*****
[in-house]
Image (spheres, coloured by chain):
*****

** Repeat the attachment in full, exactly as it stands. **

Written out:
[in-house]
Image (spheres, coloured by chain):